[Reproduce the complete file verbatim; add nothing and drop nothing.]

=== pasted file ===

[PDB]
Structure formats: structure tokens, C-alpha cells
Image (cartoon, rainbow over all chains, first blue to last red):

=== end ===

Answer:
[PDB]
Structure formats: structure tokens, C-alpha cells
Image (cartoon, rainbow over all chains, first blue to last red):